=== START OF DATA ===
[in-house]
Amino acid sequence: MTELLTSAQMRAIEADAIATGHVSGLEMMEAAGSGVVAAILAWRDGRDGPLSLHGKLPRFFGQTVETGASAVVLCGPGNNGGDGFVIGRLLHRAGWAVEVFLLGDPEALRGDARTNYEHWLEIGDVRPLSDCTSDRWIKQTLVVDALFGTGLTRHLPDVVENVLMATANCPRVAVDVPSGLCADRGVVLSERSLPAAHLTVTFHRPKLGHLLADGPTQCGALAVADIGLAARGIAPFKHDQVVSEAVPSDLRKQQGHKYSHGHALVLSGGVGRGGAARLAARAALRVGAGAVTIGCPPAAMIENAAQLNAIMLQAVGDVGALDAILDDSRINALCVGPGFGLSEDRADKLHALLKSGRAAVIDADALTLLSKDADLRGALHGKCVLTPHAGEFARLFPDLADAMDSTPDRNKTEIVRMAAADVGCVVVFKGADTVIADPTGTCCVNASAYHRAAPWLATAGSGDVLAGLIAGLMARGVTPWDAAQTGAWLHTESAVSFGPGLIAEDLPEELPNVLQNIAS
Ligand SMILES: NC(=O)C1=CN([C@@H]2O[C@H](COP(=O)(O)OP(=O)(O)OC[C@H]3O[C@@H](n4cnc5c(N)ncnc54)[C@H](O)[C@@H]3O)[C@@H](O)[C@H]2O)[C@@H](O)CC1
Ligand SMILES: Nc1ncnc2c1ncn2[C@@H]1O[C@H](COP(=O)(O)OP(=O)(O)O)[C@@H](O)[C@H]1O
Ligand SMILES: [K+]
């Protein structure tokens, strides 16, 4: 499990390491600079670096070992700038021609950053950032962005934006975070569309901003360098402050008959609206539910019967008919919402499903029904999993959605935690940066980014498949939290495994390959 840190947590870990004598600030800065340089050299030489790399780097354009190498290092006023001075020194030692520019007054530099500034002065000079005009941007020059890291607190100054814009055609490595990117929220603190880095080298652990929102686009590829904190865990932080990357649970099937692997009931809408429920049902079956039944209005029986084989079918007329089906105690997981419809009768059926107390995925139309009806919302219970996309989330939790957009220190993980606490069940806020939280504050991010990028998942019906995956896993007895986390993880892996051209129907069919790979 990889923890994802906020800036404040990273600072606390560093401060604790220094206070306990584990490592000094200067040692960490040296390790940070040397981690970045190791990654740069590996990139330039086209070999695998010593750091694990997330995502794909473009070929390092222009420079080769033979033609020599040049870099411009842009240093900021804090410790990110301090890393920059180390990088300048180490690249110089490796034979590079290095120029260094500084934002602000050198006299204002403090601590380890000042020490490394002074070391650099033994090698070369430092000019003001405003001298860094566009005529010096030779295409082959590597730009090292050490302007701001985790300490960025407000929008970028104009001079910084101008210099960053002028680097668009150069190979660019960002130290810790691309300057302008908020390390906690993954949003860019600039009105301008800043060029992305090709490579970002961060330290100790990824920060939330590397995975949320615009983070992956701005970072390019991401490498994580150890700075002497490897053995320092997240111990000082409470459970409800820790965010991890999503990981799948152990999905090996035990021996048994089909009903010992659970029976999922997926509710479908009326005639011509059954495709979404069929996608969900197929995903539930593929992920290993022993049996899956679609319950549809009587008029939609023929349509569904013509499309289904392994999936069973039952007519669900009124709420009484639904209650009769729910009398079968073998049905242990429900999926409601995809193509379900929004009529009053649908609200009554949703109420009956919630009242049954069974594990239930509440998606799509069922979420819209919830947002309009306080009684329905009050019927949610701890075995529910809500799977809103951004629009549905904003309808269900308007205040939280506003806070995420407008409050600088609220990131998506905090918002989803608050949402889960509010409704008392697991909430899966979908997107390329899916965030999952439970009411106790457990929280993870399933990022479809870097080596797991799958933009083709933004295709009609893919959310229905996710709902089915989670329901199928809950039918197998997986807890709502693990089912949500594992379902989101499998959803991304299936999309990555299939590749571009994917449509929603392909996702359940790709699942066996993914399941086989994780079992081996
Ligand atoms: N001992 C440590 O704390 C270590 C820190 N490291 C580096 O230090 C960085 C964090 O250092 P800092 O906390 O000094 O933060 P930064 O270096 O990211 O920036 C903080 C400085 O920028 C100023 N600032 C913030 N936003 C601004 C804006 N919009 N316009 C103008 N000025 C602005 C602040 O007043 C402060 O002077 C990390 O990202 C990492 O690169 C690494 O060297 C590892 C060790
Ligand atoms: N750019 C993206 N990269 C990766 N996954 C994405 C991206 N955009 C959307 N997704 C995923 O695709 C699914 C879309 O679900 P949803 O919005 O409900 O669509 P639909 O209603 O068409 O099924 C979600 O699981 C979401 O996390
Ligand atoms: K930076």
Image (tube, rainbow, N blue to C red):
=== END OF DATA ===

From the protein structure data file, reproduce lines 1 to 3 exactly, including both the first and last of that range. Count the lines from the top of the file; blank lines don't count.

[in-house]
Amino acid sequence: MTELLTSAQMRAIEADAIATGHVSGLEMMEAAGSGVVAAILAWRDGRDGPLSLHGKLPRFFGQTVETGASAVVLCGPGNNGGDGFVIGRLLHRAGWAVEVFLLGDPEALRGDARTNYEHWLEIGDVRPLSDCTSDRWIKQTLVVDALFGTGLTRHLPDVVENVLMATANCPRVAVDVPSGLCADRGVVLSERSLPAAHLTVTFHRPKLGHLLADGPTQCGALAVADIGLAARGIAPFKHDQVVSEAVPSDLRKQQGHKYSHGHALVLSGGVGRGGAARLAARAALRVGAGAVTIGCPPAAMIENAAQLNAIMLQAVGDVGALDAILDDSRINALCVGPGFGLSEDRADKLHALLKSGRAAVIDADALTLLSKDADLRGALHGKCVLTPHAGEFARLFPDLADAMDSTPDRNKTEIVRMAAADVGCVVVFKGADTVIADPTGTCCVNASAYHRAAPWLATAGSGDVLAGLIAGLMARGVTPWDAAQTGAWLHTESAVSFGPGLIAEDLPEELPNVLQNIAS
Ligand SMILES: NC(=O)C1=CN([C@@H]2O[C@H](COP(=O)(O)OP(=O)(O)OC[C@H]3O[C@@H](n4cnc5c(N)ncnc54)[C@H](O)[C@@H]3O)[C@@H](O)[C@H]2O)[C@@H](O)CC1